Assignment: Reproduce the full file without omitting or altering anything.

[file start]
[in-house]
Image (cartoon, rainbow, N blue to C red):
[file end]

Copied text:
[in-house]
Image (cartoon, rainbow, N blue to C red):